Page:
European unease over government surveillance has deep historical roots and the fallout from Edward Snowden’s revelations about the U.S. National Security Agency’s massive data collection did nothing to calm such fears. Litigation at the EU’s highest court challenging data transfer mechanisms to the U.S. has rested on concerns over government access to data. A new EU report confirms the surveillance angst.
The EU Agency for Fundamental Rights (FRA) issued Part II of a research project, commissioned by the European Parliament, on the effect of government surveillance on the fundamental rights of EU citizens. Privacy and data protection are guaranteed human rights under European Union law, protected by the EU Charter of Fundamental Rights and the European Convention of Human Rights.
The report prescribes better oversight of intelligence collection and more effective remedies for privacy violations, both issues that the EU-U.S. Privacy Shield was designed to address. The report notes that “few individuals are even aware that remedies are available.” The FRA was established in 2007 to provide specialized advice to EU institutions and member states to ensure the protection of citizens’ fundamental rights.
The U.S. and European Commission recently completed the first annual review of the EU-U.S. Privacy Shield, an agreement to facilitate the flow of data from the EU to U.S., which replaced the Safe Harbor agreement after privacy concerns over surveillance led the Court of Justice of the European Union to strike it down. The commission report on the annual review concluded that the Privacy Shied has so far been adequately implemented.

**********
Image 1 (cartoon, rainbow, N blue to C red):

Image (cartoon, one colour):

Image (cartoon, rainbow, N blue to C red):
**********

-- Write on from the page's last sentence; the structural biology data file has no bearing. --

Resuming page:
“A critical aspect of it is political, like ensuring that the reform of the U.S. surveillance legislation supports the privacy protections from government interference, which are so fundamental to the whole framework,” Eduardo Ustaran, data protection partner at Hogan Lovells LLP in London, told Bloomberg Law.
There are a tranche of bills before Congress to reauthorize Section 702 of the Foreign Intelligence Surveillance Act (FISA), which allows intelligence agencies to target communications of foreign persons located outside the U.S. The law is set to sunset Dec. 31 unless reauthorized. One authorization bill sponsored by Sens. Richard Burr (R-N.C.) and Mark Warner (D-Va.), was voted out of the Intelligence Committee Oct. 24 in a closed session. No bill text is publically available, but Burr said in a statement that the measure would provide “additional privacy protections” for Americans and require “additional transparency into Section 702 targets through reporting to Congress.” The EU would like to see privacy protections and limits on bulk collection of data implemented by President Barack Obama in Presidential Policy Directive 28 codified into law through new language in a renewed FISA.
The FRA report’s focus on European surveillance and its recommendations for similar oversight and remedial measures for European government should drive home to Congress that the EU’s stance isn’t just about U.S. surveillance. France, Germany, the Netherlands, and the U.K. have implemented broad intelligence gathering reforms that have increased transparency, but they still lack of clarity, FRA said.
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